Rwandans Celebrate International Day of Girl Child via Girls Act Program


The AIDS Healthcare Foundation (AHF-Rwanda) joined Rwandans in celebrating the International Day of the Girl Child through Girls Act Program, aiming to challenge the stereotype that girls should be solely responsible for household chores.

During the event held at GS Kagugu, it was emphasized that girls deserve equal opportunities as boys, and all that is required is confidence and hard work to achieve their goals for a better future.

Girls Act Program is one among other programs run by AIDS Healthcare Foundation (AHF Rwanda) in Gasabo, Kicukiro, and Musanze Districts. This is a girl-led initiative meant to empower Girls and young Women to Stay Healthy and Thrive.

It covers three main components:

-Prevent HIV and other sexually transmitted infections (and stay on treatment if HIV-positive).
-Prevent unplanned pregnancies and
-Stay in school.

AHF through its Girls Act Program will continue to support Adolescents and Young Girls with Comprehensive Sexual Education (CSE) to help them make informed choices and engage in healthy relationship.

Furthermore, Dr Lambert Rangira advised Girls who attended the event to stick to their education and be disciplined as it will open doors in their future.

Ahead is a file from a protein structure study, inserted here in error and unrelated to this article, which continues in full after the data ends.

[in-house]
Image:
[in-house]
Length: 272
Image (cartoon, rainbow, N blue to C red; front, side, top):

Umuhoza Jeannette, a student at GS Kagugu, highlighted the importance of girls avoiding individuals who tempt them with gifts that may lead to harmful sexual habits.

Instead, she encouraged girls to prioritize education, leave traditional gender roles behind, excel in their studies, and strive for success. By avoiding such temptations, girls can create a path to a brighter future.

Dr. Rangira Lambert, Country Programs Manager at Healthcare Foundation (AHF-Rwanda), opposed the idea of burdening girls with housework, recognizing that it hinders their development.

Representative from RBC Dr. Mujawamariya Gisele urged parents to prioritize their children’s education, regardless of their gender.

She emphasized that teenage pregnancies lead to dire consequences such as maternal mortality, raising premature babies without adequate resources, and abandonment by families, which contributes to the growing number of street children.

Dr. Gisele emphasized that empowered women contribute to peaceful homes that are prosperous, healthy, and secure.

The Day of the Girl Child was celebrated amidst challenges faced by Rwanda, including issues of teenage pregnancy, school dropouts among students, and low self-esteem.

Source: Taarifa